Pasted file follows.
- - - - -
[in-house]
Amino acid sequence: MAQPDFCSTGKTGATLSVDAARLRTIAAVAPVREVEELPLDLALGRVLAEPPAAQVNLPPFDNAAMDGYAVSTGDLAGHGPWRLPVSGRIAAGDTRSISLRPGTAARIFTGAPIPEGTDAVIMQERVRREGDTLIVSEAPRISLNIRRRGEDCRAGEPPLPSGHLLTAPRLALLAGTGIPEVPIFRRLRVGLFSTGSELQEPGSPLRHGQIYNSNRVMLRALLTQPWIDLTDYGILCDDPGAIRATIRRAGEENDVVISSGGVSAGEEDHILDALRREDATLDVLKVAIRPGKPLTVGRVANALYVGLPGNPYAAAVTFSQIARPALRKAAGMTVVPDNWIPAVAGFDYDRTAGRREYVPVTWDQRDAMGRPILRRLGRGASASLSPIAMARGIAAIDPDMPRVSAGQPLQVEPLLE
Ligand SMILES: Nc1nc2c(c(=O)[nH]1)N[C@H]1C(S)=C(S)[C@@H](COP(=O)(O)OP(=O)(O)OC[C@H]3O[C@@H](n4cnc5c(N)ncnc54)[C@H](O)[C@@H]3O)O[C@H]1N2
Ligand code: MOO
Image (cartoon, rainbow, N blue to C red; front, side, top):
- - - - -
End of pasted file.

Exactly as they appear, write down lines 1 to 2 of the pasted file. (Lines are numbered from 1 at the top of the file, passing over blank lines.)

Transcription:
[in-house]
Amino acid sequence: MAQPDFCSTGKTGATLSVDAARLRTIAAVAPVREVEELPLDLALGRVLAEPPAAQVNLPPFDNAAMDGYAVSTGDLAGHGPWRLPVSGRIAAGDTRSISLRPGTAARIFTGAPIPEGTDAVIMQERVRREGDTLIVSEAPRISLNIRRRGEDCRAGEPPLPSGHLLTAPRLALLAGTGIPEVPIFRRLRVGLFSTGSELQEPGSPLRHGQIYNSNRVMLRALLTQPWIDLTDYGILCDDPGAIRATIRRAGEENDVVISSGGVSAGEEDHILDALRREDATLDVLKVAIRPGKPLTVGRVANALYVGLPGNPYAAAVTFSQIARPALRKAAGMTVVPDNWIPAVAGFDYDRTAGRREYVPVTWDQRDAMGRPILRRLGRGASASLSPIAMARGIAAIDPDMPRVSAGQPLQVEPLLE